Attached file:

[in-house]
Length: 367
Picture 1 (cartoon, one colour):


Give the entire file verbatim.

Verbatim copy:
[in-house]
Length: 367
Picture 1 (cartoon, one colour):